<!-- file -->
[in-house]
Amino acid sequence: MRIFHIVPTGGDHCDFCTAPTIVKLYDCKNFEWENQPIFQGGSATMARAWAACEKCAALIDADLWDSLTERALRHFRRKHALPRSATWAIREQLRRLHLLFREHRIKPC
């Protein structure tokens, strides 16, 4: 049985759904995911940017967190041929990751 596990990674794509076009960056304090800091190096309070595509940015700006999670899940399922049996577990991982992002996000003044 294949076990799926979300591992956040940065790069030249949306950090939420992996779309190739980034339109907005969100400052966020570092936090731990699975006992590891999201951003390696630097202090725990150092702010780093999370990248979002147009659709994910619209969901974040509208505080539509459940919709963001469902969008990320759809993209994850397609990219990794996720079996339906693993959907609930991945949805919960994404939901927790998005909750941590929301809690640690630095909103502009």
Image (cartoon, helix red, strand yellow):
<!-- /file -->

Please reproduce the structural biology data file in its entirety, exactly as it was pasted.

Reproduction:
[in-house]
Amino acid sequence: MRIFHIVPTGGDHCDFCTAPTIVKLYDCKNFEWENQPIFQGGSATMARAWAACEKCAALIDADLWDSLTERALRHFRRKHALPRSATWAIREQLRRLHLLFREHRIKPC
């Protein structure tokens, strides 16, 4: 049985759904995911940017967190041929990751 596990990674794509076009960056304090800091190096309070595509940015700006999670899940399922049996577990991982992002996000003044 294949076990799926979300591992956040940065790069030249949306950090939420992996779309190739980034339109907005969100400052966020570092936090731990699975006992590891999201951003390696630097202090725990150092702010780093999370990248979002147009659709994910619209969901974040509208505080539509459940919709963001469902969008990320759809993209994850397609990219990794996720079996339906693993959907609930991945949805919960994404939901927790998005909750941590929301809690640690630095909103502009």
Image (cartoon, helix red, strand yellow):